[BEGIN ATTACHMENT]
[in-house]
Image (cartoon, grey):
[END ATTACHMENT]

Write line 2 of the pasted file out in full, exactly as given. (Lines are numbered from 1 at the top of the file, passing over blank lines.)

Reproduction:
Image (cartoon, grey):